Sunday, February 1, 2009

More fascinating solar eclipse pics, stories - while February just has a penumbral lunar one

There has been a lot more coming in from the annular solar eclipse of 26 January or from its partial manifestation away from the narrow antumbral track - although the picture shown in this DLR press release does not show the latter but, as a comparision with this NASA image release reveals, the umbra of the 2006 total eclipse. A Google search for ISS images of the antumbra of 2009 came up empty, so it's not clear whether it was photographed at all. Back on the ground this collection at Bosscha Obs. has some of the best annularity views from Indonesia. There are also an interesting report from Indonesian TV (no annularity, though), some pictures and a video from Anyer, a report from Indonesia (followup) and another one. (These Indonesian stories brought back intense memories to this blogger who experienced his first total solar eclipse in this beautiful country 25½ years ago; reports from other 1983 trips are here, here, here, here and here. Sigh ...)

From partial zone we have yet another Manila sunset and partial phases from Thailand (also with a bird and at sunset, also here, and lots more pics), Sri Lanka and Mauritius. This eclipse was the first somewhat unusual sky event of the International Year of Astronomy and so the connection was made in South Africa (where some eclipse fashion was on display), Sri Lanka (more pictures) and Australia. Finally, here are 19 big and 66 small wire service pics - which showed up, uncredited, in many private websites ... Legally more sound, here are a big (German) review of the event and its new media impact plus a crappy German TV preview. All eyes are already on the next - total - eclipse (which will be a logistical nightmare for Japan), while still new videos of the last TSE turn up (the 2nd one is pretty funny; it happens at 1:04). February, meanwhile, will just serve us the least impressive of all eclipses, a penumbral lunar case. The month - some previews here, here, here, here and hier - will bring:
  • Feb. 9: Penumbral lunar eclipse, visible mainly in Asia and the Western U.S.

  • Feb. 16 til March 3 (in particular Feb. 19 til 28): Best viewing window for comet Lulin - brightest and no Moon.

  • Feb. 17: The Dawn spacecraft flies by Mars, will take some pictures for calibration purposes.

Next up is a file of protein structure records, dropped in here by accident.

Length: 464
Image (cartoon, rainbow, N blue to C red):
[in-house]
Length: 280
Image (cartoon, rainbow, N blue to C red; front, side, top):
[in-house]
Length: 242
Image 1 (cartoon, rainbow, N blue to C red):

• Feb. 17: Mars and Jupiter only 0.8° apart in the morning sky.

  • Feb. 19 or 20: Venus reaches largest brilliance, -4.6 to -4,8 mag.

  • Feb. 22 and 23: Moon close to Mars, Jupiter and Mercury.

  • Feb. 23/24: Lulin (moderately) close to Saturn.

  • Feb. 24: Mercury, Mars & Jupiter closest together, in a 4° circle at dawn.

  • Feb. 25: Ceres in opposition, should reach 6.9 mag.

  • Feb. 27: Closer Venus-Moon conjunction than in January.

  • Feb. 28: Lulin close to Regulus.
A good - but inconvenient - viewing window for comet Lulin (in the hours before dawn) is now underway, surely the best comet in February: The picture collections are growing and visual brightness estimates - still the best method for overall activity judgement - put it at ~6.5 in late January/Feb. 1st. Here are a visual observation of Feb. 1, a visual report by its discoverer and a mosaic of Jan. 31, a highly processed picture (from here), an animation and another discoverer's observation (his first visual ever) of Jan. 30, a drawing of Jan. 28, a visual obs. of Jan. 27, a picture and another one of Jan. 26, a picture & report of Jan. 24, a drawing and another one of Jan. 23 and a picture of Jan. 21. Meanwhile the science media have woken up, with more or less long articles here, here, here and here. • More comet pictures: 29P on Jan. 29, 28, 26, 25, 23 and 22, 144P on Jan. 26 and 25 (at the Hyades!), 67P on Jan. 29 and 25 and 116P (more), 17P, 19P and C/2006 OF2. • From the famous bolide of Jan. 17 little more has been heard.

Views of the Moon passing Venus have been widely appreciated (and caused some UFO alarm in Germany): the situation on Jan. 31 in Germany (more), on Jan. 30 in the U.S., Germany (more, still more, earlier, still earlier and in full daylight), from India (two more in the stream and another one) and Australia plus more and on Jan. 29 from Hawaii, Canada (more in the stream), the U.S. (more) and Germany (more), Norway and Italy in daylight. • An amateur photometrist has already detected dozens of exoplanets in transit. • R CrB has been below 14 mag. since November. • The Sun's still inactive but that's good in general. • Here are some fine ISS close-ups from the end of January. • A weird halo has been seen in the Czech Republic. • And true atmospheric optics aficionados see similar phenomena in the kitchen, too. :-)

1 comment:

hise said...

Dear Daniel,

thanks for your hint. Our caption was incorrect. We will correct it asap. Sorry for inconvenience.

Best regards,
Henning Krause

DLR Communication Dept.